What are the premises behind feedback culture? What objectives are pursued?
- 4 Min Read
Professor Christine Naschberger of Audencia Business School discusses ways in which business leaders can aim to receive consistent constructive feedback from their workforce. It takes a long time to develop a feedback culture in an organization. Since 2015, some multinationals companies like Deloitte or Accenture have abandoned their annual performance review and instead have implemented a kind of “on-demand” appraisal. Feedback is given […]
Professor Christine Naschberger of Audencia Business School discusses ways in which business leaders can aim to receive consistent constructive feedback from their workforce.
It takes a long time to develop a feedback culture in an organization. Since 2015, some multinationals companies like Deloitte or Accenture have abandoned their annual performance review and instead have implemented a kind of “on-demand” appraisal. Feedback is given whenever needed. For these kinds of organizations it does not make sense to sit down only once a year to discuss performance and competence issues. Performance and competencies development are on-going issues. For example for a consultant who has just finished a project, it may be more interesting and pertinent to get immediate feedback from a client right after the completion of the project.
It should be clear what kind of rules are established: for example feedback should be easy to understand, specific, meaningful and relative, timely, constructive, and continuous dialogue. Employees need to understand what it means to give feedback and how feedback should be given. Organizations may provide employees with a formal tool e.g. a short feedback form.
There are pros and cons for providing an official HR tool. On the one hand, it may guide employees to clarify mutual expectations and on the other hand, employees may feel that this is an additional bureaucratic burden that needs to be done. In some sectors where it is important to reduce risk like in investment banking organizations may provide strict rules about timelines, for example, it is expected that feedback should be given within 48 hours. Such a rule may make employees uncomfortable especially at the beginning because they may feel stressed about the strict rule. What will happen if I do not give feedback within 48 hours? What are the negative consequences? The negative consequences for myself, my colleagues, my organization, and the environment? All these kind of questions may arise and create additional stress for employees. In the long run, this negative energy may turn into a positive one as employees do not keep incidents for them but they share with their managers. So, it may be a relief to share the responsibility.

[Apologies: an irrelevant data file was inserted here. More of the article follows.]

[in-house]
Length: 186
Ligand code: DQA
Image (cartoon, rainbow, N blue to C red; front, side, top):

In order to best prepare employees organizations may implement training sessions so that employees are aligned with organizational, in this case, HR, goals. Employees also need to know what is expected of them. What kind of posture, attitude and leadership behaviour should they adopt? Therefore companies may also assess to what extent managers adopt this kind of leadership behaviour.
In order to prepare employees best organizations may implement training sessions so that employees are aligned with organizational HR goals.
The impact on an organization’s success may be manifold. Companies may be able to react quickly to incidents. If something negative is happening line managers are alerted more quickly. Some experts would even say that in this case the Jérôme Kerviel case at Société Générale could have been avoided or that the losses of the bank could have been moderate. Therefore especially in a volatile environment risk can be lowered. Generally speaking, organizations may become more flexible in adopting an instant feedback culture. They are able to respond quicker to internal and external changes. Finally yet importantly, the bottom line may be affected in a positive way as losses may be reduced, organizations adapt more quickly.
An instant feedback culture may also stimulate learning within organisations.
Companies are able to learn from errors and from incidents – this may constitute even a competitive advantage in the long run.
An instant feedback culture may also make sense for employees as they see immediately the reaction of their managers and organization. Their feeling of usefulness may be stimulated. Employees know why they come to work every day and their daily contribution is clear. All in all, there are many benefits of adopting an instant feedback culture. Companies which value feedback may also be considered as more attractive – the Employer Brand is influenced in a positive way and also employee’s experience. More and more corporations try to foster employee experience – a new HR trend which has become popular in the past few years. The instant feedback culture is in line with a talent management strategy: an organization is able to attract new candidates and to retain valuable talent. So if you are an HR professional, do not think twice: just move on and launch an instant feedback culture. The earlier you will start, the quicker you will reap the fruits of your labour.